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HEALTHCARE | Staff Reporter, Singapore
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Singapore's health ministry to inject $24m funding to strengthen manpower

About 9,000 additional staff will be needed until 2020.

With the increasing healthcare demand due to an ageing population and growing chronic disease burden, the Ministry of Health will be needing about 9,000 additional staff for new facilities and services in the next three years.

According to senior minister of state for health Dr Amy Khor, approximately 50% of these jobs are PMET level roles which include nurses, therapists, administrative executives, and operations managers.

"MOH will invest an additional $24m over the next three years to enhance our healthcare conversion and training programmes, to enable more mid-career Singaporeans to take up new careers in the sector," said Khor.

To recall, the MOH and Workforce Singapore (WSG) have established Professional Conversion Programmes (PCPs) for mid-career Singaporeans to be trained as Registered and Enrolled Nurses, Physiotherapists, Occupational Therapists, and Diagnostic Radiographers.

Khor noted, " This year, MOH will further increase funding for nursing PCP training so that employers co-fund only 10% of the training cost, down from the current 20% to 50%. We will also provide new on-the-job training support of $12,000 per mid-career enrolled nurse and $16,000 per mid-career registered nurse to employers."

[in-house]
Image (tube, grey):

The funding is expected to encourage employers to admit more PCP-trained nurses and enable them to better support these nurses in their transition to a new career.

Besides enhancing the local professional conversion programme, MOH will also introduce a new overseas nursing scholarship under the Healthcare Graduate Studies Award (HGSA) for non-nursing degree graduates, including fresh graduates and those with prior work experience.

Meanwhile, Khor mentioned that there will also be new jobs in the aged care sector, as nursing home capacity is expected to reach 17,000 in 2020. However, she said the needs of aged care are not and should not be met by nursing homes alone.

"In fact, most Singaporeans prefer to age at home, so we should work towards making nursing home care an option of last resort. To achieve this, MOH is strengthening home and community care options to help seniors avoid institutionalisation, and age comfortably at home and in the community," she noted.

In the next three years, MOH aims to increase day and home care services by 40%.

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